While there are always exceptions to the rule the breeds listed below generally require higher amounts of exercise. If you are working with a breeder or breed-specific rescue, you may find that they require a fenced yard or a certain amount of space before they will sell or adopt one of their dogs out. This means that if you live in the city or an apartment building it may be harder to bring home one of these dog breeds. Some rescues will tell you that these dogs end up in their care because the first owner did not understand the exercise or training needs of these dogs and they do not want to see the second home not work out for a similar reason.
You can ask the breeder, rescue, or current foster about the training and exercise the dog is getting to help you understand better.
Many of these breeds like Great Pyrenees and Border Collies are bred to work. Great Pyrenees are often used to protect sheep, goats, and even cows. Border Collies are excellent herding dogs. In fact, some farms will allow Border Collie owners to rent sheep to heard or test their herding instinct.
If you live in a sheep free suburb, you will need to help your pup find another job to keep them in good mental and physical shape. What you don’t want is for your dog to fixate on a task that you don’t like, for example destroying your favorite couch or digging up your landscaping.
If you don’t want to spend hours working out with your pup, you may wish to consider a dog with a more sedentary lifestyle. These breeds come in many sizes, so don’t despair if you were hoping to have a large breed dog. While a lot of dogs that were bred for companionship instead of athleticism are small to medium dogs, these dogs still come in all sizes.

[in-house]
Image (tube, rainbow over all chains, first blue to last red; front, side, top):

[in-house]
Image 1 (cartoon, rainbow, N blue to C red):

Again, there are exceptions to every rule, so make sure you are taking your dog’s individual needs into consideration but generally speaking, these breeds might be more your speed:
When you are looking at starting a new exercise program, you may have been advised to consult your doctor first. This is a good way to ensure you are healthy enough to participate in the program and that it is appropriate for your fitness level.
If you are starting an exercise program for your dog because your vet expressed some concerns about your dog’s weight, consider starting with walking. The AVMA recommends starting with short, frequent walks. If your dog tries to go home, they suggest walking somewhere away from home like a park. They encourage some sniff breaks so your dog can have fun exploring a new environment too. Try working up to a brisk 15-minute walk and allowing your dog some time to cool down.
Don’t walk your dog at the hottest part of the day in warm weather or the coldest part of the day in cold weather. This may mean getting up early on a hot day to walk before peak sunlight or waiting until the afternoon in cold months when the sun is strongest.